10 Business Snapshot 1.1 Hedge Funds
Hedge funds have become major users of derivatives for hedging, speculation, and arbitrage. A hedge fund is similar to a mutual fund in that it invests funds on behalf of clients. However, unlike mutual funds hedge funds are not required to register under U.S. federal securities law. This is because they accept funds only from ®nancially sophisticated individuals and do not publicly oer their securities. Mutual funds are subject to regulations requiring that shares in the funds be fairly priced, that the shares be redeemable at any time, that investment policies be disclosed, that the use of leverage be limited, that no short positions be ...view middle of the document...
Emerging Markets: Invest in debt and equity of companies in developing or emerging countries and in the debt of the countries themselves. Growth Fund: Invest in growth stocks, hedging with the sales of options. Macro or Global: Use derivatives to speculate on interest rate and foreign exchange rate moves. Market Neutral: Purchase securities considered to be undervalued and sell securities considered to be overvalued in such a way that the exposure to the overall direction of the market is zero.
Hedging Using Forward Contracts
Suppose that it is July 14, 2006, and ImportCo, a company based in the United States, knows that it will have to pay £10 million on October 14, 2006, for goods it has purchased from a British supplier. The USD/GBP exchange rate quotes made by a ®nancial institution are shown in Table 1.1. ImportCo could hedge its foreign exchange risk by buying pounds (GBP) from the ®nancial institution in the three-month forward
Introduction Example 1.1 Hedging with forward contracts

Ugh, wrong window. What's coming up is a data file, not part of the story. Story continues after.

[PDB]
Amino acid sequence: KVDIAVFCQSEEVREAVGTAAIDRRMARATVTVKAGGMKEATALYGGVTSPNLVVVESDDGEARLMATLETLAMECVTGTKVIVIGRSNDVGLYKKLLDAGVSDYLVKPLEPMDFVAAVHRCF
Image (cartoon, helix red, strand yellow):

It is July 14, 2006. ImportCo must pay £10 million on October 3, 2006, for goods purchased from Britain. Using the quotes in Table 1.1, it buys £10 million in the three-month forward market to lock in an exchange rate of 1.8405 for the sterling it will pay. ExportCo will receive £30 million on October 14, 2006, from a customer in Britain. Using quotes in Table 1.1 it sells £30 million in the three-month forward market to lock in an exchange rate of 1.8400 for the sterling it will receive. market at 1.8405. This would have the eect of ®xing the price to be paid to the British exporter at $18,405,000. Consider next another U.S. company, which we will refer to as ExportCo, that is exporting goods to the United Kingdom and on July 14, 2006, knows that it will receive £30 million three months later. ExportCo can hedge its foreign exchange risk by selling £30 million in the three-month forward market at an exchange rate of 1.8400. This would have the eect of locking in the U.S. dollars to be realized for the sterling at $55,200,000. Example 1.1 summarizes the hedging strategies open to ImportCo and ExportCo. Note that a company might do better if it chooses not to hedge than if it chooses to hedge. Alternatively, it might do worse. Consider ImportCo. If the exchange rate is 1.7000 on October 14 and the company has not hedged, the £10 million that it has to pay will cost $17,000,000, which is less than $18,405,000. On the other hand, if the exchange rate is 1.9000, the £10 million will cost $19,000,000Ðand the company will wish it had hedged! The position of ExportCo if it does not hedge is the reverse. If the exchange rate in September proves to be less than 1.8400, the company will wish it had hedged; if the rate is greater than 1.8400, it will be pleased it has not done so. This example illustrates a key aspect of hedging. Hedging reduces the risk, but it is not necessarily the case that the outcome with hedging will be better than the outcome...